A new pan-Arab rail network could connect Tripoli to Cairo to Amman to Baghdad, and Damascus to Dubai… More pipelines and canals could connect oil-rich and low-population states with poor, heavily populated ones. Where borders are straight and arbitrary, these fluid and deliberately curvy lines – railways, pipelines, and water channels – will be the necessary and natural consequence of the opening of Arab societies to the logic of globalization.
For a few weeks, between the downfall of the Egyptian and Tunisian regimes and the initial, rapid advance of the revolutionaries in Libya, I too shared Mr Khanna’s optimism, as did no doubt millions of people across the Arab world – with good reason. Egypt’s Islamists were distancing themselves from the anti-Mubarak revolution and did not seem destined to play a big part in post-Mubarak Egypt. In Libya, the uprising was being led by educated, liberal youths, and the people of the liberated parts of the country were displaying an unprecedented degree of solidarity and organization. Wherever one looked, everything pointed to a promising, progressive pan-Arab future defined by common interests and shared ideas and values – democracy, accountability, civil society and the rule of law. Even Syria, where the regime had a track record of mass murder in Hama (1982) and Tal Zaatar (1976), appeared within reach.
But, alas, it was not to be – and it will not be for many years. Instead, disappointed expectations have led to depression, which has become the watchword encapsulating the mood of progressives in every Arab country that had sprung into life and hope with the first cinders of revolution in the Tunisian town of Sidi Bouzid back in December 2010.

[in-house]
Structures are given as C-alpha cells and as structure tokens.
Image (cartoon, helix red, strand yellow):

There are terrible debts to be paid for the way power was organized in the Arab world over the last 60 years; they will be paid in blood. Let’s get on with paying them… (Issandr El Amrani, journalist and commentator)
The reasons for the disappointed expectations differ from country to country but what they have in common is the fact that the collapse of the dictatorships in Tunisia, Egypt and Libya – the three countries where the Arab Spring has succeeded in unseating the ruling tyrannies – had exposed hitherto hidden and unfortunate realities and unleashed dormant forces that had been kept in check for decades through policies of repression unparalleled anywhere in the world outside North Korea.
Egypt and Tunisia
In both Egypt and Tunisia, those dormant forces come under the banner of Islamism, from the Muslim Brotherhood and Ennahda to the different shades of Salafism – all of them backward, reactionary and irrational. Long repressed under the fallen dictators who imprisoned, tortured and gagged them, the Islamists had been prevented from airing their views in public, and the public had been deprived of the opportunity of scrutinizing and challenging their ideologies and politics.